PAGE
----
When the nominations were announced for the Billboard/Record Mirror Country Music Awards for the Top Song of 1973, I was pleasantly surprised to see that Take Me Home Country Roads was there alongside two Nashville-born songs Help Me Make It Through The Night and It’s Four In The Morning. Many people wrongly assume that Country Roads is as much associated with Nashville as both Kristofferson’s and Jerry Chestnut’s ballads, but in fact John Denver the writer of Country Roads has no connections with Nashville, or for that matter the country music business in general.
I suppose the first time I became slightly acquainted with the sound of John Denver was five or six years ago, when I heard his first big ‘hit-song,’ Leaving On A Jet Plane, a gentle folksy love ballad that was, during the late 1960s destined to capture the hearts of so many. This song, was the one song that established John Denver as a songwriter around the world, but it appeared for a time that he was to be one of the many one-hit songwriters that mushroomed during the post-Beatle era of pop music. Denver’s success in commercial terms as a songwriter has been sporadic. He doesn’t consider himself a prolific songwriter, but he more than compensates for this with the quality of his tunes.
John Denver with his thatch of blond hair and his laugh lines showing through his large smoke glasses, that have almost become his trademark, was in Britain during April to record six TV programmes for BBC-2. Talking to him, at the time of writing the song, he never thought of it as a hit song: “I think maybe Country Roads was as close as I’ve ever come to thinking: ‘this sounds like something that would get played on radio stations.” It’s interesting to note, though Denver had a top ten hit himself with Country Roads in the States, it was almost eighteen months later before the British public caught onto the song, and then it was a cover version by Olivia Newton-John.
In the early 1960s, John was a member of the famous Chad Mitchell Trio, a contemporary folk group that was very popular Stateside, but meant nothing in Britain. This was followed by the hard grind to establish himself as a solo performer, he began appearing in night spots in Los Angeles, and made quite a name for himself playing six, and twelve string guitar and singing folk things like Old Blue and Whisky In The Jar, in that wonderful distinctive voice.
“I really think of myself as a performer,” he said modestly. “More so than as a songwriter or as a guitar player.” He carefully chooses other writers’ songs to be included on his albums and even in his concert appearances he selects material from such diverse sources as John Prine, James Taylor, Lennon and McCartney, Steve Goodman and Buddy Holly.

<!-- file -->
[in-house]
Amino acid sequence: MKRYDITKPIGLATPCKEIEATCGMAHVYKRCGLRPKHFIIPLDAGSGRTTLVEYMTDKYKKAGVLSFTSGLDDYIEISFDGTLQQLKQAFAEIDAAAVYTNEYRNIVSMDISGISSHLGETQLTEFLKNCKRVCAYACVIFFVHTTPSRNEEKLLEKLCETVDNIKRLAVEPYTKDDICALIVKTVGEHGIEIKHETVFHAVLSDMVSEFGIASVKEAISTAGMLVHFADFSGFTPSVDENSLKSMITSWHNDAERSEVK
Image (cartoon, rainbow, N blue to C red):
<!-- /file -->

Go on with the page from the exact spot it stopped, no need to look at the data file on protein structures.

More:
But beyond the humour and beyond the nostalgia of many of the songs selected from other writers there are Denver’s own songs and a strong leaning towards peace, gentleness, tranquillity and the wide open spaces of America. Although John Denver is regarded as a pop singer by many, there is a homeliness about him that doesn’t fit that sort of image. It could be said that he bridges gaps in musical styles, he can take a pop song and make it sound folk, a folk song and give it a country feel, and a country song can almost sound pop in his hands.
Many of his songs are about home—and that’s in Aspen in Colorado that crops up on the commercial sounding Rocky Mountain High, Aspenglow and the beautiful Starwood In Aspen. The purity of his voice and the sensitive backing of acoustic guitars with just a touch of steel can transport the listener to the beauty of Colorado, a place that Denver really seems to have fallen in love with.
In 1967 John Denver came to the notice of RCA Victor Records who signed him to a solo career that has resulted in some quite beautiful, and sometimes captivating album releases, and eventually in 1971 to commercial success in the lucrative singles market.
Although John Denver himself is the first to admit that he has no connections with country music, his albums have always got a strong country flavour with the steel guitar work of Eric Weissberg being very complementary to tunes like City Of New Orleans and Casey’s Last Ride both included on the outstanding AERIE album released in Britain last summer.